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Intermediary Profile and Statistics

» Number of Programs: 10 Partners for Student Success Programs (Fall, 2008)

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Boston After School & Beyond (Boston Beyond) was formed in 2004 as the successor to two flagship organizations - the funding collaborative called Boston's After-School for All Partnership and the Mayor's Boston 2:00-to-6:00 After-School Initiative. Boston Beyond was created to build upon the city's host of successful after-school initiatives that resulted in 51% of Boston children participating in after-school programs. Boston Beyond's efforts concentrate on increasing the participation rates of children and youth who are most at-risk and in need of after-school programs.

Partners for Student Success

Launched in 2006, Partners for Student Success (PSS) is a multi-year initiative that aims to more tightly align the efforts of schools, OST programs and social service providers in order to ensure that struggling students get the support they need to succeed. The long-term goal of PSS is to improve academic and developmental outcomes for children targeted by this effort. PSS is being piloted in 10 Boston Public Schools during school year 2007-2008.

Increasing Alignment

PSS partners believe that an integrated strategy for in-school and out-of-school better serves Boston's children by ensuring that in-school and out-of-school learning activities are mutually reinforcing. Additionally, knowledge and best practices are shared, and students' academic, social and emotional needs are identified and addressed in a holistic way.

Managers of Extended Learning Services (MELS)

Each PSS school hires one Manager of Extended Learning Services, who ensures that OST programs and services are aligned with the school in which they work. It should be noted that MELS do not directly operate programs. Instead, they oversee the PSS work plan designed for their schools and foster relationships between their schools and community-based providers.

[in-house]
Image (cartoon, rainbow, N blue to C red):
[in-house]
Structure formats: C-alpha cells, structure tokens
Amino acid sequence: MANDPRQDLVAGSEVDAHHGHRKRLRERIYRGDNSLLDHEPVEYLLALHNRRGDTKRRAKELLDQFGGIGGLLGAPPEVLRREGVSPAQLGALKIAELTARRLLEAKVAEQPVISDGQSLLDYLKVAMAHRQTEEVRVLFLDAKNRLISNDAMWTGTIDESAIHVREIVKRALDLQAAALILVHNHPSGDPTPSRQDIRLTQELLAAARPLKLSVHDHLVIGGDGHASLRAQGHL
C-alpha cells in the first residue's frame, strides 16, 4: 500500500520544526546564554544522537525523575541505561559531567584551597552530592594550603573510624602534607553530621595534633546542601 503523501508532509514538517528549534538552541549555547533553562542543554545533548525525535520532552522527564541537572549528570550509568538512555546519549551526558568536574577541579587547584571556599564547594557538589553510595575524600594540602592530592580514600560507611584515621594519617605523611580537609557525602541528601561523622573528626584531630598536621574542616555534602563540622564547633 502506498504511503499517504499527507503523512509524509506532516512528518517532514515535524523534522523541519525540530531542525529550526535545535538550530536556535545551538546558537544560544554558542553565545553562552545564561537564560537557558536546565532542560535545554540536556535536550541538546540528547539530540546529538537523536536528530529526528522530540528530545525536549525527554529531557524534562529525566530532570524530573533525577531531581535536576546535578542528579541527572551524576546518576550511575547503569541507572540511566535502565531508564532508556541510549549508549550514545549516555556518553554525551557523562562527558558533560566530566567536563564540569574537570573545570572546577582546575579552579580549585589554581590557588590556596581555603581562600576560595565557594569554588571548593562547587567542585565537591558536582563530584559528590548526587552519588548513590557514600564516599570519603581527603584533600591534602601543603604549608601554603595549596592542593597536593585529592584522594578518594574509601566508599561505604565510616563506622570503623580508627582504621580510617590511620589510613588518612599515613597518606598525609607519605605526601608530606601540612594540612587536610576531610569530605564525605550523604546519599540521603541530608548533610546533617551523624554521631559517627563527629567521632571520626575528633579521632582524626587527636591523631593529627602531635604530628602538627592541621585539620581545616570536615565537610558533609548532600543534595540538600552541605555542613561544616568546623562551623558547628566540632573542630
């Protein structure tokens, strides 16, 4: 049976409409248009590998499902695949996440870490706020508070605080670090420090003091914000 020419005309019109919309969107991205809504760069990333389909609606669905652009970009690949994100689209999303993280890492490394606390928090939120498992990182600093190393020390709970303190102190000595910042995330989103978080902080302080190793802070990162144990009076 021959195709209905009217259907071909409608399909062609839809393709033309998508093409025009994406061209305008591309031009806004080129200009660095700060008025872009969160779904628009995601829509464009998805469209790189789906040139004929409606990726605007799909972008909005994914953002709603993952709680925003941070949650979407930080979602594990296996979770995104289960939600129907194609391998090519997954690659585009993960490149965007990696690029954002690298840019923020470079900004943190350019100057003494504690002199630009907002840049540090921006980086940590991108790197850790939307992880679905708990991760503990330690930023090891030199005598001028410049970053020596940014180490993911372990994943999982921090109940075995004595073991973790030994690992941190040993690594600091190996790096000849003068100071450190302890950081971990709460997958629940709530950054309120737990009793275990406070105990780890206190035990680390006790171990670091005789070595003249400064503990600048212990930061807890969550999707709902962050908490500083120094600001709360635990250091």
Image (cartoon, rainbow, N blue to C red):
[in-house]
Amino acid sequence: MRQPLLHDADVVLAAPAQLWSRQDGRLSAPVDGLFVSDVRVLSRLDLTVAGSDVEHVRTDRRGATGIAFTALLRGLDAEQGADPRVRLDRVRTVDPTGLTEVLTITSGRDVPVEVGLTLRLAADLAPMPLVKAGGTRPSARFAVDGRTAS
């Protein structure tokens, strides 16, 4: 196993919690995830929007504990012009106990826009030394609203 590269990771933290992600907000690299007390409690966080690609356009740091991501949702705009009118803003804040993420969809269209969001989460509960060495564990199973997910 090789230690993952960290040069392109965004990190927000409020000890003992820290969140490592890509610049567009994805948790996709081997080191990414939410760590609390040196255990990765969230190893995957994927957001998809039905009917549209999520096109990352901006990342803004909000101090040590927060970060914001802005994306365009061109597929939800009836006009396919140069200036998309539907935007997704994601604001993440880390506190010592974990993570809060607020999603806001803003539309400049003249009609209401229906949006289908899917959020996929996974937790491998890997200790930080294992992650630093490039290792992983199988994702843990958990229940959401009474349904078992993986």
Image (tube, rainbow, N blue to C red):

Capacity Building

Capacity building is at the heart of the PSS initiative. In addition to the support provided by the MELS position, PSS staff will work with a select group of providers to identify model strategies that will enhance the quality and capacity of community-based organizations. PSS is developing a Program Quality Assessment Tool and a Child Assessment Tool to assist with the capacity-building efforts.

The Teen Initiative

The Teen Initiative is a collaboration of out-of-school time program providers, Boston Public Schools and workforce development organizations working together to increase the high school graduation rate of teens at higher risk of dropping out of high school.

The Teen Initiative seeks to increase high school graduation rates by increasing the number, quality, and integration of youth development opportunities available for teens after school and during the summer, particularly those involving a work-based component. The theory is that these opportunities can keep teens engaged, and link academic and other supports with the kinds of programming teens seek and want.

To achieve these increases in scale, quality, and integration, the Teen Initiative will develop coordinated neighborhood-based clusters of high quality, after-school youth development opportunities incorporated into a continuum of services for teens with different needs and interests. These networks will serve all teens but will focus first on teens at higher risk of dropping out of high school. Such teens include those entering high school over age or with other highly correlated characteristics as may be identified later by BPS.

The Teen Initiative has given ten network clusters modest planning grants. In September 2007, four to six of these network clusters will receive implementation grants.


Boston Beyond, in partnership with the City of Boston and BOSTnet, is developing the Boston Out-of-School Time Navigator, a single, unified citywide database of out-of-school time programs in Boston. The Navigator will include information on any program in the City of Boston that offers services to youth between the ages of 5 and 18 during out-of-school time, including before school, after school, weekends, school vacations and summer. Schools, families and youth-serving organizations will be able to research programs, check real-time availability of slots, and make appropriate matches for youth. The Navigator will be housed at Boston Public Schools (BPS) and contain BPS student information, which will allow OST programs to run aggregated reports on their BPS youth, thus permitting OST programming that is better aligned with BPS curriculum.